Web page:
Well, four and a half years of youth ministry is behind me now. Youth ministry was an incredible learning experience for me and I’ll miss it and the wonderful people I built relationships with. However, like Christians looking forward to what’s to come during this Advent season, I’m looking forward to what’s to come as I transition into the direction I believe God has been nudging me. I have officially transitioned into a new area of ministry at my church, discipleship and sr. adult ministries. It probably sounds funny to some of my youth pastor friends that I’m moving from one end of the age spectrum to the other (I jokingly tell people I have a fountain of youth group now!), but it’s exactly what I have been wanting to do for a little while now.

One of the things I’ve begun to do in discipleship ministries is teaching on conversational prayer. This isn’t something new in that this concept of praying was developed fifty years ago by a woman named Rosalind Rinker, but it is new in that I’ve never heard of it or practiced it until I read her book this past summer. Her book, Prayer: Conversing with God, is an excellent guidebook if you want to pursue conversational prayer. It was even named by Christianity Today as the #1 book that has shaped evangelicals. She bases conversational prayer on Jesus’ words in Matthew 18:20, “Where two or three are gathered in my name, there I am with them.”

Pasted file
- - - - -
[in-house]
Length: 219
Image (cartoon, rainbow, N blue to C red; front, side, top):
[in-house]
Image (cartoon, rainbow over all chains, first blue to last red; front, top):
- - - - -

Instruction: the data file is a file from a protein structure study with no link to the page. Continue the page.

Here is a summary of the three stories that led to Rosalind’s discovery of conversational prayer.

Story #1 – 15 years old and has a choice to go to a party or a cottage prayer meeting on a cold snowy night. Chooses the latter and is amazed by everyone praying. She feels she should pray out loud during prayer meeting but is scared to death to do it. She finally does it and feels Jesus’ presence in a special way. This teaches her that when you pray out loud with a group you can feel God’s presence in a special way. She understands Matt 18:20 better now.